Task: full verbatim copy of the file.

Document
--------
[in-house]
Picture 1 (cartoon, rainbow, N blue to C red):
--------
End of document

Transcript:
[in-house]
Picture 1 (cartoon, rainbow, N blue to C red):